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Diesel spill through White Rock streets and into bay 'looked worse than it was'

A city worker pumps out catch basins along Fir Street between Royal and Columbia avenues Tuesday morning as part of efforts to clean up a diesel spill that reached Semiahmoo Bay. - Tracy Holmes
A city worker pumps out catch basins along Fir Street between Royal and Columbia avenues Tuesday morning as part of efforts to clean up a diesel spill that reached Semiahmoo Bay.
— image credit: Tracy Holmes

Fuel leaking from a City of White Rock truck caused a "rainbow trail" along a number of streets and into Semiahmoo Bay Tuesday morning, raising concern of area residents.

But despite appearances, fire Chief Phil Lemire said the incident is not one for alarm.

"It looks significantly worse than it was," Lemire said.

According to Lemire, the spill was the result of a fuel cap left off of a city recycling truck, causing diesel to leak as the driver progressed along his route.

Lemire said the truck covered "a couple kilometres of road" in the hour before the leak was noticed at 9:15 a.m. The quantity of fuel lost was less than 20 litres, he said.

One witness who contacted Peace Arch News described seeing a stream of fuel running down Vidal Street. Another, Mike Kaburda, said the fuel "stained (Victoria Avenue) all the way down."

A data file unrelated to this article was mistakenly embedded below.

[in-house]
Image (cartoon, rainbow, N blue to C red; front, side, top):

Lemire said crews applied sand and Absorb-all – a substance used to soak up hydrocarbons – to roads slick with the diesel, including Fir Street. They also checked and cleaned area catch basins, and – after a report of a fuel slick near the pier – set up booms around storm outlets into the bay.

"With the heavy rains we had, it washed it into the storm drains and washed some of it into the bay around the pier, sort of from Elm Street to the pier area," Lemire said.

"Because of the properties of diesel, it did cover a fairly wide area, but it was very little product."

The booms were picked up by 4 p.m. Tuesday.

Lemire said the provincial environment ministry was contacted but "they considered it to be a minor event as well."

"The visual impact was there because it spreads. A couple of tide flushes and you won't even notice it's there," he said.

Kaburda said in reporting the spill, a city official told him there was little they could do to prevent residual oil from reaching the beach.

"If we don't have that equipment… can you imagine if a whole tank truck spills on a White Rock street?"

But Lemire said a larger spill would have initiated a bigger response, including from the province.

 

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